Spinning is very soothing and relaxing - you get in to a "zone" where the rhythmn of what your hands are doing becomes so automatic your thoughts can run free, or, if you're so inclined, can shut down. I think it's a perfect hobby for writers because of the stress-relief factor. If you're blocked and frustrated with a scene, plot point, or characters talking back at you, you can sit or stand for ten or fifteen minutes and spin. It'll put things on the back-burner as well as let you do something creative and artistic in another way.

Just going for a walk to relax from writing has never done it for me, although I know walking, running, going to the gym, etc. work for others. I'm recommending the following drop spindle makers/spinning wheel makers so you can browse some websites and check in to this wonderful hobby.

The Journey Wheel: Sheila and Jonathon Bosworth have been in the business for nearly twenty years. Jonathon does everything by hand, using exotic woods in all his products. He invented his own folding spinning wheel, and I personally knew a woman in my old spinning Guild back east who owned one. She loved it. I've also known people who own their drop spindles, which spin wonderfully and put out lovely yarn. They also offer specialy spindles from mammoth tusks, and mammoth teeth. I've got my name on their waiting list for a mammoth tusk spindle - it's about a three year wait! I also have my name on their waiting list for a "Moosie" spindle, which are made from moose antlers. That list is only a year long. :)

Grafton Fibers: another husband and wife team, they make the most beautiful spindles, accessories, and knitting and crochet hooks. Linda Diak used to have a new drop spindle per month which was hand-painted. She featured a different sheep breed a month, allowing sheep breeders to pick their own breed, or a favourite breed, and have it on a spindle. She's bringing back that series soon. In the meantime, you can feast your eyes on the lovely things they have available.

Golding Fiber Tools: another hand-craftsman, his custom and vintage drop spindles are amazing to behold. They are true works of art.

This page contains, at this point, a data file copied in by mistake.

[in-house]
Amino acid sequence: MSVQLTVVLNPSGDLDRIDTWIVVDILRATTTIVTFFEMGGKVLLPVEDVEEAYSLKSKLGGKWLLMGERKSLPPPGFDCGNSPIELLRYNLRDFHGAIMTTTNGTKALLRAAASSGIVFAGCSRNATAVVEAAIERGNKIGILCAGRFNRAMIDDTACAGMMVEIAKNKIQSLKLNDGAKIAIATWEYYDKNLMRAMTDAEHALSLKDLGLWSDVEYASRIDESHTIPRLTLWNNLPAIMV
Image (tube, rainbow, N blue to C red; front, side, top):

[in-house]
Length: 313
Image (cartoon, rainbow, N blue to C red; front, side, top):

Jenkins Woodworking: this is another husband and wife team. Mr. Jenkins hand-tools beautiful crochet hooks, knitting needles, tapestry supplies, among other accessories. If you're a knitter or crochet-lover, you'll enjoy checking out this website as well.

Next week I'll post some sites where you can find videos on how to drop spindle. It's much easier to see it done, than to explain doing it! Meanwhile, everyone have a great weekend, and enjoy "web-shopping" if this ancient art appeals to you.

Tuesday, April 15, 2008


Today our beloved General Rick Hillier resigned as of July 1st/08. For my friends below the 49th Parallel, General Hillier is our Chief of Defense Staff and is responsible for all three branches of the Canadian Forces. He's led us through the last three years of the Afghanistan war (there - I said "war"), and brought amazing changes to how the military in Canada does things.

It was Hillier who bought us four C-17's so we could stop borrowing yours to transport our tanks and armoured supplies and soldiers to the Middle East. It was Hillier who fought the government on putting money into military housing, and resources for military families to be able to put up with long distance relationships when they have/had to. He brought back our morale, our pride in our Forces, and the awareness that we have a place on the world stage, and it's not just to sit by and do nothing.

My husband met him at a Wing function here in Winnipeg. The General was kind enough to spare a few words to an officer who he doesn't know personally. But, he took the time to show in a quick minute that he appreciated my husband as a military member.

The Canadian Forces haven't seen strong leadership like General Hillier's since before the Korean War. His boots will be hard to fill. We can only hope that his successor has half of his courage both on the battlefield and off it. He will be truly missed.


A friend sent me this spring picture of a marmot to cheer me up. I have no knowledge of marmot's, but this guy's cute so I thought I'd share with you!

Spring has finally come to Winnipeg - or WINTERPEG, as we locals call it. The grass is drying up and I can now take Tessa, my golden retriever, out back to the dog park. It's nice that it's right behind my house, because I still can't drive a car. I can't lift my arm out front more than to my waist, on a 45 degree angle out from my waist to the side, and forget about putting it behind my "behind".

My surgeon gave me the stunning news that I need a complete shoulder replacement - just like the hip and knee replacements you think of when you see senior citizens crawling along the mall with their walkers. I was so stunned, it took me four days to be able to share with my husband. The thought of going through another surgery, not being able to dress myself, feed myself, etc. was catastrophic. But, I'm over it now. It beats an amputation!

So, that's why my friend sent the marmot picture. It has nothing, absolutely nothing to do with anything. And isn't that the beauty of sharing with friends? I'm lucky to have quite a few of them. I hope spring has sprung, wherever you live!